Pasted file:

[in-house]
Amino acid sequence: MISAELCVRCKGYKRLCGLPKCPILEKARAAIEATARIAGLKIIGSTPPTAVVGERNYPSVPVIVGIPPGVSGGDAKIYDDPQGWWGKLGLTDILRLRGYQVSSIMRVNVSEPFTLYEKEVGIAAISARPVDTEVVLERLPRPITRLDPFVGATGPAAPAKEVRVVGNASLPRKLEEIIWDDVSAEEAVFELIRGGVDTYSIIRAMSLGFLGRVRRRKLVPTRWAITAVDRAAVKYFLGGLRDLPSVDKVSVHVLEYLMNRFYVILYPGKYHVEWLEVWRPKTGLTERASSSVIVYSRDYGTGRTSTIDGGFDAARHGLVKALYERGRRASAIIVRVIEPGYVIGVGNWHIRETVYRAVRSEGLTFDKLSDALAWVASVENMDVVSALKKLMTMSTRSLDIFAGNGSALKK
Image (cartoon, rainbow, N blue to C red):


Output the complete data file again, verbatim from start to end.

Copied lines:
[in-house]
Amino acid sequence: MISAELCVRCKGYKRLCGLPKCPILEKARAAIEATARIAGLKIIGSTPPTAVVGERNYPSVPVIVGIPPGVSGGDAKIYDDPQGWWGKLGLTDILRLRGYQVSSIMRVNVSEPFTLYEKEVGIAAISARPVDTEVVLERLPRPITRLDPFVGATGPAAPAKEVRVVGNASLPRKLEEIIWDDVSAEEAVFELIRGGVDTYSIIRAMSLGFLGRVRRRKLVPTRWAITAVDRAAVKYFLGGLRDLPSVDKVSVHVLEYLMNRFYVILYPGKYHVEWLEVWRPKTGLTERASSSVIVYSRDYGTGRTSTIDGGFDAARHGLVKALYERGRRASAIIVRVIEPGYVIGVGNWHIRETVYRAVRSEGLTFDKLSDALAWVASVENMDVVSALKKLMTMSTRSLDIFAGNGSALKK
Image (cartoon, rainbow, N blue to C red):